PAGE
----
Last year in the UK over 60,000 cancer patients enrolled on clinical trials aimed at improving cancer treatments and making them available to all.
A study to help GPs decide sooner who needs to be tested for lung or bowel cancer (CANDID)
This study is finding out what symptoms and tests are best for predicting lung cancer or bowel cancer.
Most people who go to their GP because they have a cough, or bowel symptoms such as loose stools, do not have anything seriously wrong. But a few of these people will be at risk of bowel cancer or lung cancer.
Researchers in this study would like to help doctors
Researchers will recruit people who go to their GP with possible symptoms of lung or bowel cancer, take an optional sample of blood or saliva and ask them to fill out a questionnaire about their lifestyle.
The aim of this study is to find out which symptoms and tests are best for predicting whether someone has bowel or lung cancer. You will not have any direct benefit from taking part in this study. But the results will be used to help people in the future.
Who can enter
You may be asked to join this study if you
- Have seen your GP with symptoms that might be related to lung cancer or bowel cancer
- Are at least 35 years old
The team may also recruit people who have taken part in the national bowel screening programme.
You cannot enter this study if you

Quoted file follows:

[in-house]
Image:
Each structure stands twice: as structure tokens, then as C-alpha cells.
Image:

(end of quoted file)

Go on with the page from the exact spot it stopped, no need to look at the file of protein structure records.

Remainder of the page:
- Are already known to have lung cancer or bowel cancer
- Have had to go to hospital urgently with symptoms possibly related to lung cancer or bowel cancer
- Have another illness that is life threatening
- Are pregnant
- Would not be able to give your doctor accurate details of your medical history for any reason
This study aims to recruit 20,000 people.
Your GP will record information about your symptoms on a secure website. You can then choose to give a sample of blood. Or, if you prefer, you can give a sample of spit (saliva).
The team will also ask you to fill out a questionnaire about your lifestyle. You can do this on a secure website, or possibly on paper. The questionnaire will take about an hour to complete. If you do it online, you will be able to take breaks and come back to it later if you need to.
A member of your GP surgery team, or the research team will look at your medical records and at an official record of people who are diagnosed with cancer (from the
This study will not affect any decision your GP makes about your care.
If you agree to take part as soon as your GP asks you, everything may be completed for the study at that same visit.
If you want to take time to think about taking part and later decide to, you will need to come back to your GP for another appointment.
In some cases, whether you decide straight away or not, you might need to make an extra visit to have your blood taken – your GP can let you know about this.
You may have a small bruise where you gave your blood sample.
How to join a clinical trial
Please note: In order to join a trial you will need to discuss it with your doctor, unless otherwise specified.
Professor Paul Little
NIHR Clinical Research Network: Cancer
NIHR School for Primary Care Research
Primary Care Research Networks
University of Southampton